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Guest Soloist Triumphs in Redlands Symphony Concert

02/01/10 • by Sherli Leonard • The Riverside Press-Enterprise

The first half of the Redlands Symphony Orchestra's concert on Saturday night has blurred and faded into memory, followed as it was by one of the truly phenomenal moments in the orchestra's history. Cellist Jonah Kim came to perform Dvorak's Cello Concerto, and conquered.

First the orchestra showcased lightness, a deft underplaying that facilitated an inspired and flexible musicality. After a shining and silky English horn solo in Berlioz' "Roman Carnival" bridged to luxurious cello lines, the ever-so-light strings painted an elegant picture. In Schumann's Symphony No. 1, light and lovely winds followed by assertive strings in the first movement opened a quintessential symphony - tidy, grand in places, predictable, much too long, and otherwise unmemorable. But, consider the following.

"Bold, melts into lithe finger work, glistening - never over-played; lush without being maudlin, graceful without sentimentality." These are my notes at the opening lines of Kim's entrance in the Dvorak concerto. I should have brought my Thesaurus.

Jonah Kim, performing on a beefy, bold 1991 Michelle Ashley copy of a Nicolo Amati cello, played the Dvorak concerto as if he composed it on the spot from his own heart. With mannerisms that could have been distracting if they had been disingenuous - for audience closer to the stage, they were, indeed, distracting - he sank into Dvorak's love songs with divine artistry and impeccable technique, and synergized totally with the orchestra.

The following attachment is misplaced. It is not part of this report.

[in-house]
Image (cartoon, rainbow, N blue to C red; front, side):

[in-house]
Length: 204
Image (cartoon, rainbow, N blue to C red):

In the first movement, cello and flute soared over a breathless string tremolo with beautiful sadness. In the second movement, cello and clarinet engaged in a breathtaking exchange, followed by another sweet pairing with the flute. In the third movement, Kim's cello played second-fiddle to concertmaster Pavel Farkas' solo violin in an exuberant and classy interaction.

Artistry aside, Kim's articulate technique elevated the work beyond poignant. Amazing double-stop work, exact octaves, clean, clear notes in high and low registers, articulate arpeggios - the audience was blessed to textbook-perfect technique.

Ah, but Kim's phrasing took us beyond the moment; with light fingering that seemed to barely touch the strings, slight hesitations, breathless lifts, he instilled magic.

And then he played Paganini. After 45 minutes with a tough concerto, he unassumingly settled into a cello performance of Caprice No. 24, composed for violin, and left the audience in a second spontaneous standing ovation. All of Paganini's work is practically impossible to play on the violin, let alone on the cello. In the words of principal second violin Art Svenson, Kim is "from another planet."

Nothing we could have done could show enough appreciation for what he brought to the audience at this amazing moment.

And, what's with this audience? Paper-shuffling, coughing, wriggling, and - hard to believe - applause between movements? This has been the last bastion of concert etiquette, and now - sigh.


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